The ELR+ CXC chemokines include CXCL8, epithelial neutrophil activator 78 (ENA-78; CXCL5), granulocyte chemotactic protein-2 (GCP-2; CXCL6), neutrophil-activating protein-2 (NAP-2; CXCL7), and growth-related oncogene-α, -β, and -γ (GRO-α, -β, and -γ, resp. CXCL1, CXCL2, and CXCL3) [5]. These chemokines can bind to either CXCR1 or CXCR2, and recruit neutrophils into the local inflammatory response [2] in a complex multistep process [1416]. The CXCR1 binds CXCL8 and GCP-2 with high affinity, while the CXCR2 binds CXCL8 with higher affinity, but other ELR-CXC chemokines at low affinity [5]. We previously engineered a human CXCL8 analogue (CXCL8(3-72) K11R/G31P; G31P) [17]. G31P antagonizes both CXCL1 and CXCL2 efficiently, but also desensitizes heterologous G protein-coupled receptors (GPCR) on cells that express CXCR1 or CXCR2 (i.e., the receptors for C5a, LTB4, and fMLP) [8, 17]. It has been reported that G31P serves as an effective anti-inflammatory agent in models of airway endotoxemia [9, 10, 18], aspiration pneumoniae [11], and ischemia-reperfusion injury [10, 19]. It has been reported previously that bacterial endotoxin-challenged bronchial epithelial cells secrete high levels of CXCL8 and CXCL5 and that these act as autocrine agonists for these cells [8], and others have documented that vascular endothelial and alveolar epithelial cells expression of CXCR2 plays an important role in pulmonary pathology in models of LPS-induced pneumoniae in mice [20, 21]. Specifically, G31P therapy reduced pulmonary expression of endogenous pyrogens (TNF and IL-6) as well as CXCL8, and this was associated with a dramatically reduced neutrophilic inflammatory response, but no change in the pulmonary loads of viable Klebsiella pneumoniae. Corticosteroids can be used effectively to dampen inflammation, but there is some discrepancy regarding whether they antagonize ELR-CXC chemokine responses [2224] or not [25, 26] and thereby antagonize neutrophil responses. Nevertheless, the lung tissues of dexamethasone-treated mice contained reduced levels of TNF, CXCL8, and MPO and modestly reduced numbers of neutrophils relative to the saline-treated pneumonic animals, although the levels of each of these parameters still appeared to be somewhat higher than those seen in G31P-treated mice.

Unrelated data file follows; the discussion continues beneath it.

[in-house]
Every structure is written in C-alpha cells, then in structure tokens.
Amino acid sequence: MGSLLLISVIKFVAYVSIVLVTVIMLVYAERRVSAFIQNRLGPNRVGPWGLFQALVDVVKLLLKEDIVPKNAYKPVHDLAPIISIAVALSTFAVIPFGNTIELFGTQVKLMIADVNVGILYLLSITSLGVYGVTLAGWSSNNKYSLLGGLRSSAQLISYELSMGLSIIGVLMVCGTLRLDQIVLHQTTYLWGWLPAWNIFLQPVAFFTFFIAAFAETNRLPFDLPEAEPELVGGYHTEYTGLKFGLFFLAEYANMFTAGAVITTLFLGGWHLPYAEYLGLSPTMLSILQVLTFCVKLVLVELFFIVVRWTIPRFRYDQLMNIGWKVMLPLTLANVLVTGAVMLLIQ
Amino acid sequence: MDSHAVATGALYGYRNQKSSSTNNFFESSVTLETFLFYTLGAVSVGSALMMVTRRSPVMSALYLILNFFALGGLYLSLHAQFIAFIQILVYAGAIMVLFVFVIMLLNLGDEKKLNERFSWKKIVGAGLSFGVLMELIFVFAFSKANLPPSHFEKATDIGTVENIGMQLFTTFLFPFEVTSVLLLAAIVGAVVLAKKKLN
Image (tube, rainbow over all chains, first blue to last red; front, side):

Aggarwal et al. reported a metastatic role of CXCL8, which promotes cell growth and metastasis. CXCL8 expression correlates with metastatic potential in human melanoma and ovarian cancer cells. It has been found to play an important role in astrocytomas, anaplastic astrocytomas, glioblastomas, central nervous system cervical carcinoma metastasis, brain tumors, gastric cardia adenocarcinoma (GCC), and esophageal squamous cell carcinoma [6]. G31P can be used as an antagonistic agent to treat the carcinoma by reducing the level of CXCL8. This study opens the future research aspect of ELR-CXC to treat these carcinomas.

In summary, our data indicate that the ELR-CXC antagonist G31P can effectively reduce Klebsiella pneumoniae pathology in a guinea-pig model. It is suggested that broad-spectrum ELR-CXC chemokine antagonism may be a useful adjunct in the therapeutic approach to treat Klebsiella pneumoniae in patients.

Ethical Approval

The project was approved by the Dalian Medical University ethics committee in China.

Conflict of Interests

The authors declare no conflict of interest.

Authors’ Contribution

J. Wei and J. Peng have equally contributed to this paper.

Acknowledgments

This work is supported by Grants from the National Science Foundation of China (NSFC30772023) and the Natural Sciences and Engineering Research Council of Canada (J. R. Gordan). The authors appreciate the valuable comments from other members of their laboratories.

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Copyright © 2013 Jing Wei et al. This is an open access article distributed under the Creative Commons Attribution License, which permits unrestricted use, distribution, and reproduction in any medium, provided the original work is properly cited.